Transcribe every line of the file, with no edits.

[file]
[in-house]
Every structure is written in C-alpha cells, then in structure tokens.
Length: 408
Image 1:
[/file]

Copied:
[in-house]
Every structure is written in C-alpha cells, then in structure tokens.
Length: 408
Image 1: